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Tuesday, 5 July 2016

Hunt for the Wilder Typer

Barry Crump at his Olivetti Lettera 22 portable typewriter
and his then partner, fellow writer Jean Watson, on a fishing trawler
off the North Queensland Coast in late 1962. During their two years in Northern Australia, Crump also went crocodile hunting in the Gulf of Carpentaria.
We managed to catch a movie yesterday, for what seemed like the first time in ages. Happily, the opportunity - amid more pressing grandchild-minding duties - arose while the critically acclaimed New Zealand movie Hunt for the Wilderpeople was still playing at, appropriately enough, Manuka. The last time we were there, a month or so ago, people were queuing out the door to get to see Hunt's Canberra opening. It had broken box office records in its homeland and reviewers on both sides of the "dutch" were raving about it, one saying it was the best movie he'd ever seen. Even the Hollywood Reporter called it "a deliciously good time at the movies". 
Barry Crump at his Olivetti Lettera 22.
Far from being "delicious", our expectations far exceeded the experience. But we found it well filmed and at least moderately entertaining (its 100 per cent score on the Tomatometer, with an average rating of 8 out of 10, and an audience score of 92 per cent, do seem a tad over the top). What delighted me most, however, was to notice, as the credits rolled, that the filmscript was based on a book by one of my favourite New Zealand authors, Barry Crump. His 1986 novel Wild Pork and Watercress was one with which I wasn't familiar, and so I hadn't realised the movie had a connection with Crump until it ended. Watching the movie, I had been thinking it may well have been inspired in part by The Loner, a well-received book written in 1974 by a friend of mine, Ivan Agnew (who, by the way, used a burgundy Imperial Good Companion 6). There's doubtless still a good movie to be made from Ivan's book.
It now seems highly likely to me that Hunt for the Wilderpeople (and obviously the Wild Pork book) may be based in some part on Crump's fateful experiences when he and a fellow hunter, George Johnston, ran bush camps for boys. During these, in August 1969, five teenagers drowned in Lake Matahina after a Land Rover ran off the road. Both Crump and Johnston were charged with manslaughter, and although the charges were eventually dropped, Crump became the focus of public disapproval - as is the case with Hector Faulkner ("Uncle Hec"), played by the ever reliable Sam Neill in Hunt for the Wilderpeople. As unquestionably a great actor, one is left wondering whether Neill's star quality alone tends to overshadow the role of the boy as the intended central character, Julian Dennison as Ricky. The "real bad egg" Māori youngster may be based on one, or many, of Crump's bush camp students, but Uncle Hec is definitely a haunted man (once jailed for manslaughter). Hec is most clearly based on Crump himself.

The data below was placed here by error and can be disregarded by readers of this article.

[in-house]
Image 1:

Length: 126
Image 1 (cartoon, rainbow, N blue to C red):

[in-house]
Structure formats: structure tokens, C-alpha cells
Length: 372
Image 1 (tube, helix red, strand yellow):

Notwithstanding the 1969 incident, Crump's output of semi-autobiographical comic novels, based on his image as a rugged outdoors man, went on unabated. His books have sold more than a million copies in New Zealand alone. In all, from 1960's A Good Keen Man, Crump wrote 24 books in the same taut, no-nonsense prose that celebrated bush virtues and rugged individualism.
Above, the real Barry Crump carries a wild boar, and below, as Hector Faulkner, Sam Neill reenacts the shot for Hunt of the Wilderpeople.
John Barrie (not Barry) Crump was born on at Papatoetoe on May 16, 1935, the son of a share-milking couple. Like the character Ricky Baker, Crump was not interested in school, preferring to let his imagination run free, fuelled by reading adventure classics such as Jack London’s Call of the Wild, Herman Melville’s Moby-Dick and R.M. Ballantyne’s Coral Island. In the 1950s, Crump worked as an itinerant farm hand and bushworker in areas as diverse as the Kaimanawa forest and my own old stamping ground, South Westland. From 1952 he served as a government deer culler in the rugged forest area of the Urewera region. He was to claim that he never stayed anywhere for longer than three months, but he carried his Olivetti Lettera 22 portable typewriter wherever he went.
Barry Crump died at Tauranga hospital on July 3, 1996, aged 61, after suffering a heart attack. 

1 comment:

Joe V said...

A fascinating story, thank you.